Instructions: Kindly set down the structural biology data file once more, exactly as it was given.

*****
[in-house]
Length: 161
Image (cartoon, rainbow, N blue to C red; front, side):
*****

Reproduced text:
[in-house]
Length: 161
Image (cartoon, rainbow, N blue to C red; front, side):